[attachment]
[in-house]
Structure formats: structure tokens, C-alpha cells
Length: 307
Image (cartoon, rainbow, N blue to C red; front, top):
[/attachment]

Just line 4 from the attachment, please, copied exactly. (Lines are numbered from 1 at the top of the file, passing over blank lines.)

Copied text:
Image (cartoon, rainbow, N blue to C red; front, top):